Browsing by Subject "aikuisen oppiminen"

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  • Karlsson, Kati (Helsingfors universitet, 2015)
    The aim of this study was to describe the experiences of the mentors of adult practical nurse students. The focus was on "how the mentors experience the process of on-the-job learning" and "how the mentors can support student's professional growth during the on-the-job learning period". The data of this study consist of 12 semi-structured interviews of mentors of adult practical nurse students. The interviews were first tape recorded and then transcribed verbatim. Mentors described mentoring of students' as a process, that consist of elements such as mentor's own perceptions of her role as a mentor, adult learner's attitude towards learning, support of professional growth and the meaning of environment and support. The mentoring was seen as a process. Mentoring of an adult student was seen as a challenge but also as a chance because the adult learners do have plenty of experiences. Mentors pointed out various factors that have an effect on success of mentoring. Such factors were: mentors experience of their own role, students' attitude towards learning and guidance, supporting professional growth and importance of working environment as well co-operation with educational institution. Mentors experience of being an expert of their own work was important as well to be able to adjust guidance in benefit of a student's individual needs and goals. Adult learners were expected to take an active role of their own learning and to take benefit of their own experiences. Mentors did feel that they were responsible for students' professional growth. Working environment end co-operation with educational institution had important role in successful guidance. Mentors opinion was that guidance during the work-place learning should be mainly emphasized on mentor and workplace. Co-operation with educational institution was considered important but mentors also felt that they are best experts of their own work. Mentors hoped and expected support, resources and respect to their mentoring. .
  • Kilpi, Katariina (Helsingfors universitet, 2016)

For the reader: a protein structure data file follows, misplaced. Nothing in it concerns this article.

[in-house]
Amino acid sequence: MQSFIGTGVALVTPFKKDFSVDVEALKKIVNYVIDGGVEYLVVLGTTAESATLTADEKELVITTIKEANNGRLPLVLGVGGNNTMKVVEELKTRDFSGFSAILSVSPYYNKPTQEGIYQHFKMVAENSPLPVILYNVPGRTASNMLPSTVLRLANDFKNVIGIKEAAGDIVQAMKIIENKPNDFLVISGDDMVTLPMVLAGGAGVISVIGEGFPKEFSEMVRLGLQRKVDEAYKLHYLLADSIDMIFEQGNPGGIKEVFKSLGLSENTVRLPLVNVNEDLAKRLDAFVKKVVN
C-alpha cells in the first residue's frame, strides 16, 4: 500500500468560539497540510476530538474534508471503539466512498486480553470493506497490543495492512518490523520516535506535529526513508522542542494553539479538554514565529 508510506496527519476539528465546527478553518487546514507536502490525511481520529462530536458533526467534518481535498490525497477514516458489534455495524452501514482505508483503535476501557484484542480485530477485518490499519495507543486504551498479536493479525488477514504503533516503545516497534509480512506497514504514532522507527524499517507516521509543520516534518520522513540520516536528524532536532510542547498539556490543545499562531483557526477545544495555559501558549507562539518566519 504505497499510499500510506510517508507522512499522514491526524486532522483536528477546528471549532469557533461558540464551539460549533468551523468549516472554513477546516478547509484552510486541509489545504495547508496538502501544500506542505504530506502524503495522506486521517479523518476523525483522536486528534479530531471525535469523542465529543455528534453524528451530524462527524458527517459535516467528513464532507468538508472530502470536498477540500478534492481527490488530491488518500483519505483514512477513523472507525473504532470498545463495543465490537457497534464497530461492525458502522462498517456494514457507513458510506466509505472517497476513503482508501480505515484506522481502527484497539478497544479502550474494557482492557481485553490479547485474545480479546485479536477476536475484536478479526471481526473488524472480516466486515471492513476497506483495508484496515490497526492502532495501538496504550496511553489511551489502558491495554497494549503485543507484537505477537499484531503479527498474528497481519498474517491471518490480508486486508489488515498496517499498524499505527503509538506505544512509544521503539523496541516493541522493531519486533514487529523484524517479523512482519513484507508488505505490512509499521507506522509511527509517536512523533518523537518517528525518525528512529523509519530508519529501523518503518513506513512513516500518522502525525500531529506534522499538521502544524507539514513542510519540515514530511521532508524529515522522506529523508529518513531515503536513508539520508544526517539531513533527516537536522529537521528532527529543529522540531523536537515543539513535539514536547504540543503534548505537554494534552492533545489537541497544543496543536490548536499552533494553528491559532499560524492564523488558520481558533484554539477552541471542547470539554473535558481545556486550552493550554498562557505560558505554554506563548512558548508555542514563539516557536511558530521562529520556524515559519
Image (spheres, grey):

This dissertation explores the experience of adults looking for career specific further training and higher education. This is intended to help understand adult education experiences and support successful adult learning. The theoretical framework for the research is founded on the complexity of multifaceted identities that adults will have developed over their lives and their ability to change identities according to situational contexts. The research also uses theories on constructivism in adult learning, the narrative nature of learning and human development, and individuality of human development due to psychosocial developments and career specific experiences. Fundamental research questions built on the view that expressions of individual identity reflect adult development and learning processes. The research uses a narrative approach. The material was collected from semi-structured one-to-one interviews. Participants were selected from adult attendants at a privately run entrepreneurship course in the autumn of 2013 (N=28). The accounts and personal stories recounted during the interview process have been analysed using narrative methods. Studying the interpretation of identity allows the research to highlight participants' career and life-experiences and to contextualise them within individuals' age and skill sets. The analysis highlights a connection between continuities in individual successes and high quality of learning. The discussion also addresses how self-evaluation of experiences, such as failure, or personal views of social nonconformity can be linked to more general learning experiences among adults or even to issues faced with adult learners' identity development. The individual interpretations of success and learning covered by this research emphasize the fundamental question of how adult learners can be supported during significant and unique life cycle changes that are concurrent with lifelong learning. These findings have further implication on understanding how individuals as learners and e-learners might develop positive self-images and view themselves as active agents in any learning environment.